So I did a leakdown that had interesting results but it showed that cylinder 6 was the best of all of them. That was a plus. Eventually, I broke down and went to Harbor Freight to grab a compression tester. I test cylinder 4-6, it read lower numbers than the other tester I had but cylinder 6 was still strong, so that's good! Engine health was confirmed. At that point, I stopped for the night.

Being that I had fuel I felt like there was something wrong with the ignition system. More overnight googling yielded the usual stuff. On Monday morning I went through every part of the ignition system and wanted to confirm that the #6 cylinder wasn't firing. I took the heat wrap off each of the header leads and sprayed water on them with the engine running. Cylinder 6 was indeed dead. With that confirmed I swapped plugs, ohmed out wires, cleaned grounds, cleaned cap/rotor, used spark plug tester on ignition coil and every side of the plug leads (it always fired), unplugged ignition modules, pretty much everything. Everything tested out. I was so puzzled.

My friend Charlie suggested testing fueling again. I begrudgingly agreed. I swapped injectors first, no change. At that point I decided to put a 12v noid light on the fuel injector plugs, 4 & 5 flashed, 6 was on CONSTANTLY. Oh boy. That could be why the plug is wet.

That meant more wiring tests. I tested continuity on all injectors on the fuel injection harness, no issues. Then I turned my attention to the plug from the ECU. AH HA, I found what I thought was a short between the cylinder 6 injector pin and the Red/White power wire. I removed the loom I added from that section of wire and there were no issues or shorts. From there I took that plug apart (which I had never touched) and looked to see if there were any issues to the wiring there. It was at that point that it looked like two pins were switched. That plug has one power wire, two permanent grounds, and switched grounds from the ECU for each injector that turns them on/off on that plug. One of the permanent grounds had been switched with the #6 injector ground. What the heck?! How long has this harness been like that?

The Avocado fired up and purred like a kitten upon the first turn of the key after switching those pins. I basked in this wizard-like feeling for a few minutes, cleaned up, made some lunch, and then went for a drive. Oh boy, it RIPS.

On one of the pulls that I filmed the car started sputtering and died. It eventually started back up and I made it home, I thought it might be low on fuel. I put some extra gas in at home, washed the car, and then went to fill it up on fuel. That seemed to have solved the issue so I called it fixed.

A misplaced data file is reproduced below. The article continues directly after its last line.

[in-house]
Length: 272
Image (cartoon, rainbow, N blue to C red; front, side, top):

Later that evening I went to take my buddy Charlie for a ride. He was super pumped as I had been texting him updates and videos all day. On the way over to his house the car stumbled again, died, and I ended up on the side of the 405 freeway during rush hour. When I cranked the key I wasn't getting any tach signal. My theory was that the crank sensor might have died. I waited for a tow (god bless AAA premier), called my wife to pick me up, and then waited. When we all got home we tucked the car into the garage and called it a night.

After all the constant fussing with the car the last two weeks I was actually ready for a break. It was nice.

In the morning, I tested everything crank sensor related and it had indeed died. I replaced it with another I had lying around and it fired right up. In my quest to make this car/engine/setup bulletproof I'll probably replace all the sensors with new prior to doing any significant distances or roadtrips. I don't want to take another 200 mile tow...

While I was under the car I messed with the throttle cable too. It was slightly too short which put too much tension on the bell crank and didn't fully allow it to fully close at idle.

With those things fixed it was time for more test drives. The car is FAST. Like break the 245 width R compounds in first gear fast. I love it.

There is still more to be done but for now it's a running, driving car again. The other things on my list to do are an additional oil cooler, add a thermostatically controlled fan to the carrera cooler, see what's going on with the sticky brake pedal (I've messed with everything at this point so it's time to go back through it all), tweak the windshield frame some more to get a better windshield seal, and then focus on the suspension upgrades. Weeeeeee!

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Old 01-20-2021, 10:15 AM